WELLINGTON, NZ: Rival Kiwi television executives have come together to lobby lawmakers over proposals to legislate against 'junk' food and drink advertising.

They believe they stand to lose around NZ$36 million ($28m; €18m; £14m) a year in ad income if the Public Health Bill is passed as part of the government's effort to stem the rising tide of childhood obesity.

The TV chiefs also claim the new regulations could threaten the airing of popular shows such as The Simpsons and UKsoap opera import Coronation Street, in which characters do not always make healthy lifestyle choices.

Broadcasting executives, including Television New Zealand's ceo Rick Ellis and MediaWorks' Brent Impey, argue the proposed powers are at odds with self-regulation, especially when the Government has fostered that process and it is working well.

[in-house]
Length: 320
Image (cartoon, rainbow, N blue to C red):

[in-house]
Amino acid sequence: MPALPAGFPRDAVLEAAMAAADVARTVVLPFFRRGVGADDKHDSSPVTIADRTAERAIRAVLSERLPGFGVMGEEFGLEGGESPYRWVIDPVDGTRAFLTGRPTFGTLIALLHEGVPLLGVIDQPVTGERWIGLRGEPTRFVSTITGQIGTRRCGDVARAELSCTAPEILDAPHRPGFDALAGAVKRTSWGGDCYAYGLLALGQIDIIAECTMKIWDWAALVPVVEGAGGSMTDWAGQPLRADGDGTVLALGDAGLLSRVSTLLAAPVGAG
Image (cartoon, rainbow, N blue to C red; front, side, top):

Impey says children aged between five and 14 were currently potentially exposed to only 67 seconds a day of advertising of inappropriate foods, based on their average viewing time of 44 minutes from 3pm to 8.30pm.

He also asserts that research has shown TV commercials have little influence on children's food choices.

Ellis says TVNZ would lose NZ$20 million per year if the legislation is introduced, with a knock-on effect on the state broadcaster's ability to finance local content.

Health campaigners in New Zealand insist, however, new laws are necessary because self-regulation is not working.

Declares emeritus professor Robert Beaglehole, formerly of the World Health Organisation: "[Self-regulation] is demonstrably not working because our children in particular are at great risk of obesity.

"We agree that self-regulation works for the industry. We want it to work for children and, if it doesn't, for regulation to be brought into play."

Data sourced from nzherald.co.nz; additional content by WARC staff